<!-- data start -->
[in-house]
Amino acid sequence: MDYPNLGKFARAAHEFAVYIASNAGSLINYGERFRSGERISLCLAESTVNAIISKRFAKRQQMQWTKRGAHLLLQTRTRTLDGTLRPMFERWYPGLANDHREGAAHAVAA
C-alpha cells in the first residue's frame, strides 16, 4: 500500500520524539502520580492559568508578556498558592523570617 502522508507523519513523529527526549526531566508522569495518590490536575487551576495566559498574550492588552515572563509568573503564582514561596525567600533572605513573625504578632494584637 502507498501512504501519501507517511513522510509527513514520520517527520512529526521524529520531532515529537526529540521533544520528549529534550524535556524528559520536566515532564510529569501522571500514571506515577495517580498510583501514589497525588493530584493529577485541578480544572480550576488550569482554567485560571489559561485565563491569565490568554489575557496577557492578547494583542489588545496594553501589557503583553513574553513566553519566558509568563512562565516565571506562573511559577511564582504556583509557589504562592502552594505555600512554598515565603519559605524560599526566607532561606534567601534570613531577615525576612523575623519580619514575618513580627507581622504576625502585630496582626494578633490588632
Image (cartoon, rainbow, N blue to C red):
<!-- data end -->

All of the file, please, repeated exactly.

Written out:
[in-house]
Amino acid sequence: MDYPNLGKFARAAHEFAVYIASNAGSLINYGERFRSGERISLCLAESTVNAIISKRFAKRQQMQWTKRGAHLLLQTRTRTLDGTLRPMFERWYPGLANDHREGAAHAVAA
C-alpha cells in the first residue's frame, strides 16, 4: 500500500520524539502520580492559568508578556498558592523570617 502522508507523519513523529527526549526531566508522569495518590490536575487551576495566559498574550492588552515572563509568573503564582514561596525567600533572605513573625504578632494584637 502507498501512504501519501507517511513522510509527513514520520517527520512529526521524529520531532515529537526529540521533544520528549529534550524535556524528559520536566515532564510529569501522571500514571506515577495517580498510583501514589497525588493530584493529577485541578480544572480550576488550569482554567485560571489559561485565563491569565490568554489575557496577557492578547494583542489588545496594553501589557503583553513574553513566553519566558509568563512562565516565571506562573511559577511564582504556583509557589504562592502552594505555600512554598515565603519559605524560599526566607532561606534567601534570613531577615525576612523575623519580619514575618513580627507581622504576625502585630496582626494578633490588632
Image (cartoon, rainbow, N blue to C red):